Brian Meford’s casserole is topped with a fresh sleeve of Ritz Crackers.

My friend Jay is a professional chef. He’s the kindest man you’ll ever meet, however when I’m in the kitchen with him, I feel a little nervous.

Even on my best days, my knife skills create a sense of high alert in the kitchen. Jay watches me cut vegetables like he’s a meerkat scouting for imminent danger.

Jay and I both teach cooking classes at The Pantry in Seattle, which I’m convinced is sometimes shocking to him. We often joke that we should co-teach a class highlighting our culinary viewpoints. The working title of the class is “The South of France vs. The South.” I’m a North Carolina native, to make it clear which part I am in that scenario.

The only matchup that I know I’d emerge victorious is the side dish battle. Specifically, gratin vs. casserole. Jay would top a nuanced French-style gratin with made from scratch buttery breadcrumbs, and I’d top a squash casserole with crushed up Lay’s Classic Potato Chips.

I like to imagine that upon seeing me open the bag of chips, Jay would quit on the spot, knowing he had been bested.

Casseroles are classic comfort food. Whether for bereavement or celebration, they are warming, economical and they freeze beautifully.

Casseroles are a national treasure for transforming Thanksgiving leftovers into something new. It reminds me of old NBC commercials before streaming platforms became dominant. Rerun shows during the summer were advertised as “If you haven’t seen it, it’s new to you.” The same applies to next day Thanksgiving casserole. “If you transform it, it’s new to you.”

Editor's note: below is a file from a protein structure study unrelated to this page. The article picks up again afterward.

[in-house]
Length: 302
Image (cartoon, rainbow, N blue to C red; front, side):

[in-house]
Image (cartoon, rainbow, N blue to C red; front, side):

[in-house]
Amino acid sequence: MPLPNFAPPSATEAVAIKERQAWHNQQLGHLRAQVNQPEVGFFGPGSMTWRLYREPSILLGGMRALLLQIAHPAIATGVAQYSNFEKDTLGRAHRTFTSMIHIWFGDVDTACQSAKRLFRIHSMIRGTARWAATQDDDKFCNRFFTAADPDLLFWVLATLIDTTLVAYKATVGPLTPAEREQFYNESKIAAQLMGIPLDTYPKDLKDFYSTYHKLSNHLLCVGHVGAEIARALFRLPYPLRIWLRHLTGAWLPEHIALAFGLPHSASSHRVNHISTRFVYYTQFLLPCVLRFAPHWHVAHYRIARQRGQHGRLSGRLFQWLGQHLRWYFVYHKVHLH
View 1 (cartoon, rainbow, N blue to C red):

Call it a casserole or a gratin, but don’t forget the crowning glory of crunchy topping. Use dressing (stuffing is cooked inside the bird, dressing is cooked outside the bird), Ritz Crackers, potato chips or buttery breadcrumbs. I remember one time my grandmother topped a casserole with Cheetos because that’s all she had on hand.

That once-in-a-lifetime casserole is still my favorite. Both Jay and I would wear the silver medal with our heads held high against that one. Grandma wins the gold.

My casserole recipe uses leftover turkey and Ritz Crackers. Can you add potato chips? Absolutely! Feel free to throw in a cup of peas, green beans or leftover cooked broccoli to make this casserole your own.

Day After Thanksgiving Turkey Casserole

Serves 4 to 6 people


  • One sleeve of Ritz Crackers
  • 6 tablespoons unsalted butter, melted and divided in half
  • One can condensed cream of chicken soup (I am not ashamed of this; you shouldn’t be either!)
  • 8 ounces sour cream
  • 1/2 cup turkey or chicken broth, low sodium
  • 1 ½ pounds cooked and diced turkey
  • 2 tablespoons of chopped fresh herbs (parsley, thyme, tarragon)


Preheat oven to 325 degrees. Lightly butter a 2-quart casserole dish with 2 tablespoons of melted butter.

In a bowl, combine the condensed soup, sour cream, broth, diced turkey and fresh herbs. This is where you can incorporate your vegetable additions.

Spoon the mixture in the bottom of the casserole dish.

Crush the sleeve of Ritz Crackers and toss them in a bowl with the remaining melted butter. Sprinkle the buttered cracker crumbs over the chicken mixture.

Bake for 35 to 45 minutes until hot and bubbly.

Brian Medford is the owner of Idlewild Biscuits and Bakes in Astoria. He teaches cooking classes at The Pantry in Seattle. Contact him at

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